BASMATI A PRODUCT OF PAKISTANI SOIL

No other country could pirate the natural gift

By AMANULLAH BASHAR
Feb 16 - 22, 2004

Pakistan is known as the largest and the only producer of aromatic basmati rice which is relished the world over for their taste and flavor. India also produces basmati rice but much lesser than what it is being cropped in Pakistan.

It is an irony that instead of taking advantage of this natural gift by earning a good name for the country, Pakistan was still campaigning for its share in the international market.

Recently, the European Commission has raised the issue of fraud in supply of rice from Pakistan besides suspecting origin of the commodity. There had been a number of complaints from the European Union member states challenging the "origin" of the rice. EC Headquarter had earlier pass a regulation to exclude Pakistani Basmati and Kernel rice from abatement list which means withdrawal of exemption of duty at the rate of 250 Euro per ton. This exemption from duty gives an edge to Pakistani exporters over competing rice exporters.

Some senior officials from Ministry of Commerce including its Secretary Kamal Afsar had visited about 8 EU countries to defend the case. They succeeded to convince the EC for continuation of the duty exemption.

The relief has been given on the assurances that DNA tests on the samples will be extended to the EC for the genuine origin of the rice. The EC's amended regulation has given the relief for those import contracts which had been signed by December 31, 2003.

The European Commission (EC) has given temporary relief on Pakistani super basmati and kernel rice for a period of three months and once again including it in the abatement list.

Although Pakistan exports basmati and kernel rice to EU member states worth $50 to $60 million, yet this market is extremely important for Pakistan in view of future expansion of the European Union market with the inclusion of 10 more East European countries in the club of EU.

It may be mentioned that Mexico also produces basmati rice which only resembles to Pakistani rice in length and shape but as far as beauty of aroma and taste was concern, the Mexican rice has no match to the Pakistani rice because it carries neither aroma nor taste. In order to overcome this shortcoming the Mexican farmers use perfume spray to make it acceptable in the market.

There was a bumper rice crop in Pakistan this year which means Pakistan was in a position to export more rice this year. At one time, rice was the second largest export earner after textile and had reached to the level of $700 million a year. However, Pakistan lost a good market of its rice in Iran which was one of the major buyers of Pakistani rice. Some exporters, instead of honoring the export commitment had allegedly comprised on the quality of rice by mixing broken rice and other material in the consignments. After a long time, Iran has once again started buying rice which is a good sign for the rice exports.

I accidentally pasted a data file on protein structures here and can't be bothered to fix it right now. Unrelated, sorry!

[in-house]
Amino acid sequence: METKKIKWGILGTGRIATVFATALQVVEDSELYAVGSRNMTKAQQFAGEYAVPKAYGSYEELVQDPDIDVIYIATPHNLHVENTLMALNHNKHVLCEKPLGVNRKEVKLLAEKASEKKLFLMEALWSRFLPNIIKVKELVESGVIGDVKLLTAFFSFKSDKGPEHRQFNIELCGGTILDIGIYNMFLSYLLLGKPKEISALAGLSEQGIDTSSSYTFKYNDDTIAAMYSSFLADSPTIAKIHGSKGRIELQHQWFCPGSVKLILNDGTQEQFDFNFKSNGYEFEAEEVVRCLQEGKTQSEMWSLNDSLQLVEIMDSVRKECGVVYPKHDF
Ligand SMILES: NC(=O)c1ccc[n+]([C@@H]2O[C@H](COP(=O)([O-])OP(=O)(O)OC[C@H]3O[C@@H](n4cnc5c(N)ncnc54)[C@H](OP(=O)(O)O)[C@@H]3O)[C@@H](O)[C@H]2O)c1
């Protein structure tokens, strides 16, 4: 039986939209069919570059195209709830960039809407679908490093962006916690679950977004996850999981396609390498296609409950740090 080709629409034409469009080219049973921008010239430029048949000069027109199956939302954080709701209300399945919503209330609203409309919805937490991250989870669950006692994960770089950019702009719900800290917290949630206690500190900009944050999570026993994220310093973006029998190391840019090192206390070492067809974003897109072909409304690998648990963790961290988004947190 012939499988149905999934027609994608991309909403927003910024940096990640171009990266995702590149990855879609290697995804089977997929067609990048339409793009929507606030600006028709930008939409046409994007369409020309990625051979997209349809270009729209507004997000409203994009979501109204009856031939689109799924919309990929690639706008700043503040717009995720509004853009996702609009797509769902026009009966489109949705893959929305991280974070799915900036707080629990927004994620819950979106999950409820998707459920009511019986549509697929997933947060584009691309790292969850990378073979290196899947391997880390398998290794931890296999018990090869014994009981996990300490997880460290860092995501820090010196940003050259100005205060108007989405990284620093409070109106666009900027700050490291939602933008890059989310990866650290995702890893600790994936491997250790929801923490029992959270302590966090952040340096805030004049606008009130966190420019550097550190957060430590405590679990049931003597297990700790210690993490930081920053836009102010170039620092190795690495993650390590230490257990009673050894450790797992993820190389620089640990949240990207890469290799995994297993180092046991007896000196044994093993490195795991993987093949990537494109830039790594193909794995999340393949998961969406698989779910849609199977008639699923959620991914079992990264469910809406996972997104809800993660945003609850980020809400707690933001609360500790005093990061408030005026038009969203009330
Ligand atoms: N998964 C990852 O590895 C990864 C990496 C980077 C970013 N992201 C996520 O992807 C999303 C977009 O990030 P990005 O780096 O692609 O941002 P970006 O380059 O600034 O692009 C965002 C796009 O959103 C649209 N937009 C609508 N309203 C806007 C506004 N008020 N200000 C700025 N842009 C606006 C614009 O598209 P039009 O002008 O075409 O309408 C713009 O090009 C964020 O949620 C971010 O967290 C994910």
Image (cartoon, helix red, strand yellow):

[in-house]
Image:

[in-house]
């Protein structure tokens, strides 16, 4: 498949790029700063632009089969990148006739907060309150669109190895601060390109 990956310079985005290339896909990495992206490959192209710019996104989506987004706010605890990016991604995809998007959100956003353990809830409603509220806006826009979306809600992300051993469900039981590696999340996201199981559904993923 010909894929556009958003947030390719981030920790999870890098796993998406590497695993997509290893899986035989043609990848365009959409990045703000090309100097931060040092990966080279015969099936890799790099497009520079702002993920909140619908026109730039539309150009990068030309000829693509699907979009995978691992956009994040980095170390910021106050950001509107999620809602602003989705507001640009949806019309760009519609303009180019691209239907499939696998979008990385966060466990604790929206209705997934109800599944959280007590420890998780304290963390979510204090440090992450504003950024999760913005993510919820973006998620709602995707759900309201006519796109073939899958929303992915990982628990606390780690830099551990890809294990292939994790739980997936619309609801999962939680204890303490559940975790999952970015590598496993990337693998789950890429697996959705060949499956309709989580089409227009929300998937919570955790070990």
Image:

Some Far Eastern countries including Malaysia, Indonesia, Sri Lanka etc. also offer a great market for Pakistani rice, however that market is less attractive due to absence of frequent shipping facilities in that region.

Doubt on the origin is however surprising especially no other country produces basmati rice. There were reports that our competitor India which produces a little quality of basmati takes advantage of its aggressive marketing tactics as well as of its known rice brands in the international market. It is said that some of the Indian traders based at Hong Kong and Dubai were selling Pakistani rice under the label of Indian brands.

Generally, rice is exported in lose form which is yet another way of taking advantage by the brand sellers of other countries. Now some of the exporters have introduced brands and started exporting in small packs of 2-5-10-15-20 kg packs. It is a good sign and hopefully the Export Promotion Bureau will provide them full support especially in the newly discovered markets in the African, East European and Central Asian States.

As far as the EU market was concerned, there were strong indications that under Article 28, the EU was going to review its Agriculture Policy in September this year which may help in resolving the issue once for all.

The European Commission on December 23, 2003 excluded Pakistani carnal and super basmati rice from the abatement list resulting in the imposition of import duty at the rate of 250 euro per ton. This put rice exporter from Pakistan in a difficult situation as they could not complete in the European market against rice imports from other countries.

There seems to be a word of caution in the change of European stance in some cases towards Pakistan exporters. Imposition of anti-dumping duty on Pakistan bed wears was another example.

European Union had offered tremendous support to Pakistan trade by extending significant incentives including market accessibility, duty exemption and other incentives which greatly help Pakistan to promote its exports to that region. These concessions were given to Pakistan as recognition of its services in fighting against international terrorism, especially after 9/11 incidents in the United States. EU is very important for Pakistan and it is expected that our business community would take special care to keep the pace of trade relations between Pakistan and the European Union.